Once clear on what we wanted to achieve, we then created an incredibly detailed breakdown of roles, responsibilities and testing of the best tech tools to help us get there. 

The Tools

  • Notion – our ‘source of truth’ and THE singular place where all aspects were laid out: notes, external links, pre, during and post-event responsibilities and the agenda for the day itself.
  • Zoom – we explored multiple tech solutions for how best to make this work; from a simple Zoom call, to live YouTube stream. In the end, we settled on a Zoom Webinar, ensuring we could manage the large number of attendees coming in and out (for the different startups presenting) and reducing friction or the need to train people in how to use a new tool. It also ensured solid data capture and seamless follow-up actions, all adding to the overall experience of the event itself.
  • Telegram – this event required serious synchronisation across the entire team and speedy communication. We set up separate Telegram groups with all of the 11 startups presenting to ensure they felt supported and were clear on what they needed to do, timings for their presentation and all necessary links. 

On the day

All events, be them online or offline, have their glitches. Thankfully, the biggest issue we experienced was connectivity problems for one of the founders presenting – bring on 5G? Our team was split across founder management, tech and presenting, ensuring all elements ran as smoothly as possible and maintaining engagement levels from our LPs.

The Outcome

We’re thrilled to announce our investment in three new companies as a result of our first ever remote-only Investment Forum. These companies are tackling everything from driving better standards in carbon markets to extracting knowledge from recorded meetings and providing better medical staff profiling for career growth and research collaboration. 

Our pre-seed Investment Forum takes place every 6-8 weeks and provides highly competitive terms for founders. The next one will take place in the middle of May. If you’d like to be considered and join the likes of TransferWise, Revolut and UiPath and become part of the Seedcamp Nation then we’d love to know what you’re building right here.

We believe although the world is currently in flux, that with these sort of occurrences also comes an opportunity for great things to be built by great people and we are here to back these founders and be a part of that journey from the earliest stage on.

Hop-in to the future of events as Hopin raises $6.5M


This post is by Natasha Lytton from Seedcamp

With some founders we meet, “the stars just perfectly align”, says our Partner Tom Wilson, and no more is that true than with our investment in Hopin, founded by Johnny Boufarhat. We’re over the moon for the team as they today announce their $6.5M seed round for their all-in-one online events platform that brings people closer by replicating the experience of offline events and makes them accessible at a global scale.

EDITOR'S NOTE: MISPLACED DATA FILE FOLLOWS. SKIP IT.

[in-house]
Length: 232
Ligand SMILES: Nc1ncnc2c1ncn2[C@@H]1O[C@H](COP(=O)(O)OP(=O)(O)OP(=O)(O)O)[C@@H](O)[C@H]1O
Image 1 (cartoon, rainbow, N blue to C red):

We led the pre-seed into Johnny and his vision for Hopin and the future of events in summer of 2019 and are thrilled to continue the journey and see him quickly go onto raise this highly sought after round with some of the world’s most impactful investors onboard with this round led by Accel and with participation from Northzone, WebSummit’s Amaranthine Fund and Slack Fund. The round is joined by high-profile angel investors including founder of Seedcamp-backed unicorn, UiPath, Daniel Dines, Supercell founder Ilkka Paananen, Intercom founder Des Traynor, GoCardless COO Carlos Gonzalez-Cadenas and Miro founder Andrei Khusid.

Hopin founder Johnny Boufarhat

The event industry is massive, with many millions of people attending events every year. However, in a time where travel has been heavily impacted by a global health emergency and seen growing concern about its environmental impact, there is a need for a sustainable solution for attending events, that doesn’t require you to travel.

Hopin is an online venue where organizers can create, host and manage live events for up to 100,000 attendees. With Hopin’s Event Builder, it takes only a few minutes to set up an event, such as a meetup, intra-company all-hands meetings, hackathon, or conference. Each event can be built as either online-only or layered on top of an existing offline event.

We love backing founders building products that genuinely change the way we interact and we have been actively using Hopin across the many Summits and workshops we run here at Seedcamp, allowing teams based all across the world to dial in and interact with attendees, and speakers, as if they were here in person.

The idea for Hopin was born out of Founder and CEO Johnny Boufarhat’s own frustrations of not finding the right tools to collaborate and network with larger groups remotely. Hopin’s own team is fully distributed and uses the platform to connect regularly. Boufarhat said,

“Connecting people is at the core of what we do at Hopin. We want to make sure everyone can experience the same great benefits of events — the connection you made bumping into someone in a breakout session, the potential customer you met at your booth or the awesome tip you got from a panel speaker – without having to physically attend.